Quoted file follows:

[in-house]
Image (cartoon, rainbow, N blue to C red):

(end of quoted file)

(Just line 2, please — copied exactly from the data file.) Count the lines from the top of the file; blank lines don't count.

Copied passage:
Image (cartoon, rainbow, N blue to C red):